Considering collective creep theory, if UPCμkBT, S(T) should plateau at S ~ 1/. Such a plateau is predicted in the case of glassiness, such that S ~ 0.02−0.04, equivalent to typical observations of plateaus in YBCO single crystals7 and iron-based superconductors39,47,48,49,50,51,52. For our NbSe2 crystal, Fig. 7d shows S(T) at μ0H = 0.3–0.5 T for the two field orientations. In all cases, in Fig. 7c,d the creep rates are well below the usual collective creep plateau. The simplest interpretation is that UP is not negligible compared to CμkBT (see eq. 1), which is in agreement with the pinning energy estimates described below. Although, consistent with this scenario, most of the S(T) curves in Figs 7c,d are monotonically increasing, Fig. 7d also shows a broad temperature insensitive region in the 0.5 T data for H || c (S ~ 0.003) and a narrower one in the 0.3 T data for H || CDs (S ~ 0.002). However, interpretation of these data as indicative of a plateau at much lower than usual values would imply  ~ 300–500, producing unphysically large values of either μ (10–17) or C (120–200); note that typical C and μ values7,12 give  < 75. Finally, quantum creep may be a significant component of our measured creep rates at these low temperatures, in which case, adding a temperature independent (and unfortunately unknown) contribution would imply an even smaller thermal creep contribution.

A plateau in S(T) is the most apparent manifestation of glassy vortex dynamics. In its absence, we need a different approach to assess the nature of the vortex depinning excitations. Analysis of the current dependence of the effective activation energy U*T/S can provide direct experimental access to μ without the need for assumptions regarding UP. According to collective creep theory2, the activation barrier depends on the current as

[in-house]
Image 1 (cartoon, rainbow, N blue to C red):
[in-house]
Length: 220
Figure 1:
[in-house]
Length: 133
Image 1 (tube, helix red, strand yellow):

$${U}_{act}(J)=\frac{{U}_{P}}{\mu }[{(\frac{{J}_{c0}}{J})}^{\mu }-1],$$
(2)

where Jc0 is the temperature-dependent critical current in the absence of flux creep. Considering the Arrhenius hopping rate ~\({t}_{0}^{-1}{e}^{-{U}_{act}(J)/{k}_{B}T}\) and equations (1) and (2), the effective pinning energy is

$${U}^{\ast }\equiv \frac{T}{S}={U}_{P}\times {({J}_{c0}/J)}^{\mu },$$
(3)

where μ > 0 for glassy creep and μp < 0 for plastic creep53. Consequently, the exponent can easily be extracted from the slopes of U* vs 1/J on log-log plot. From Fig. 8, we see distinct elastic-to-plastic crossovers for all sets of data. At low T the dynamics is clearly glassy at both field orientations, with μ ~ 1. This is one of the main experimental findings of this study. As T increases the dynamics turns plastic, with p in agreement with the expectation for the motion of dislocations in the vortex lattice (p = −0.5)54.